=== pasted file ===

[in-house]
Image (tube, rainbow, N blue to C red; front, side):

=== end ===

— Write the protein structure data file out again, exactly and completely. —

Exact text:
[in-house]
Image (tube, rainbow, N blue to C red; front, side):